According to Jessica, who has designed some of the most luxurious of homes in the southwest United States, the average luxury home in demand today is around 5,000 square feet. Contrast this with the 10,000 and 20,000 square feet so common in the luxury market in previous years. Large in-home gyms are out. Instead, many find it preferable to go to the gym and connect with friends and occasionally hit the stationary bike at home in a smaller workout area connected to the master bathroom. Cozy coffee bars equipped to make everyone’s favorite java drinks have replaced the oft-neglected wet bars. And private home theaters with rows of chairs lined up in front of a screen? Who wants to be quarantined in a formal little room just to watch a movie? Families these days enjoy their entertainment in the great room on Friday nights or on the screen in the kitchen on Tuesdays while they make pizza together in the brick oven.
Luxury is becoming more and more about sharing and connection. Open floor plans rule luxury home design currently, and the trend seems to have staying power. Rather than a formal dining room with double doors, a living room to one side, and a kitchen walled off from everyone, a common space is now all the rage. Each space is distinguished with varying ceiling heights, unique dimensional textures, and architectural nuances that express the essence of each area and function. It’s all connected and one. And the demand for this luxurious efficiency keeps quality standards high, resulting in homes that retain price tags well over a million dollars.
Homes in the luxury market are extravagant because they work well for each unique need and taste. No two homes are the same. After all, variety is the spice of luxury life. Yet they tend to follow similar principles. Barriers are removed, and outdoor living is just as much a part of the home experience as a dining room table. For example, some homes feature collapsible window walls allowing the barrier between the indoor and outdoor great rooms to literally disappear into the wall. Windows are now larger and fully functional to bring in all that fresh air and not just the beautiful sunlight. Even guest bungalows, or casitas as they’re called in the southwest, are no longer detached from the main house. While they offer all the amenities of a separate suite, they typically share a door with the main living space to ensure houseguests feel connected with their hosts.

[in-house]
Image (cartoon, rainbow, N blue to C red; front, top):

Yet while sharing connected living space with the whole family is a beautiful thing, luxury home design trends respond to an abiding need for occasional solitude and sanctuary. Luxury architects like Jessica point out the splendid array of intimate touches available in each home design. Modern bathrooms, for example, may have a fireplace by the tub for some relaxing alone time as well as his and hers vanities and water closets for personal convenience. Master bedrooms may feature private outdoor sanctuaries complete with trellises and a fire trough discreetly set apart by low walls allowing for a touching view of the surrounding scenery.